Finally a correct way to configure RBAC for DevOps agents!

At the start of a new Azure project, we typically conduct a short Azure governance exercise.  One of the items that are covered is role-based access control: both for the people that access the Azure portal and for the DevOps agents that have to deploy our solutions throughout the D-T-A-P street.  The latter always ends-up with the same discussion.  Let’s have a closer look!

The impasse

This is a typical conversation:

  • The Development Team: “We want to completely automate our infrastructure through CI/CD.  Next to that, we want to ensure that all communication between the Azure services is done via Managed Identity.  If we want to do all of this in an automated way, the Service Principal that performs the deployment requires Owner or User Access Administrator rights.”
  • The Cloud Center of Excellence: “No way that your Service Principal gets Owner rights, because then, we do not control the access to the services anymore, because that Service Principal can grant access to everyone in our tenant.  We want to avoid this at all time!”

You know what?  Both are right!  The Development Team wants to apply DevOps and security best practices, but the creation of role assignments – to grant a managed identity access to another Azure service – requires Owner or User Access Administrator rights.  The Cloud Center of Excellence is also right: they are responsible for RBAC, so it is normal that they don’t want to give those rights, because otherwise the Service Principal could be abused to grant access to user accounts.

This is a fundamental issue in the underlying Azure design.  Azure requires the same access rights (Microsoft.Authorization/roleAssignments/write) for:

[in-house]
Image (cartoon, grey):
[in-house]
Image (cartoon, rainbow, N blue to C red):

• Granting a managed identity access to another Azure service >> This is what the Development Team wants
  • Granting a user or security group access to an Azure service >> This is what the Cloud Center of Excellence wants to avoid

The solution

Luckily, we have now a solution for this impasse: role assignment conditions!  Let’s have a look at what this means for our situation:

  • When you perform a role assignment and select the User Access Administrator role, an extra Conditions tab appears

  • In the Conditions tab. click on + Add condition

  • Click Configure under the Constrain roles and principal types option, which fits our use case

  • Here, you can restrict which roles the Development Team can assign and limit the assignment to Service Principals.


Happy that the Azure product teams have listened to our feedback and implemented a solution that allows to minimize the role assignments to only what’s needed.  Least privilege, that’s what we like!  Now, both the Development Team and the Cloud Center of Excellence are happy!

Thanks for sharing!



Your Azure Coach is specialized in organizing Azure trainings that are infused with real-life experience. All our coaches are active consultants, who are very passionate and who love to share their Azure expertise with you.